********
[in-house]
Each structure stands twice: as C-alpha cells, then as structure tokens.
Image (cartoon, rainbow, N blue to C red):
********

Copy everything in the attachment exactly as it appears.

[in-house]
Each structure stands twice: as C-alpha cells, then as structure tokens.
Image (cartoon, rainbow, N blue to C red):